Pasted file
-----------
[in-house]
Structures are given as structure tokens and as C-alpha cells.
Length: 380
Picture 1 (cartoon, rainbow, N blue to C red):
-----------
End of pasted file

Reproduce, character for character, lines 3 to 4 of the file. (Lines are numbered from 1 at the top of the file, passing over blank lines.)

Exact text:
Length: 380
Picture 1 (cartoon, rainbow, N blue to C red):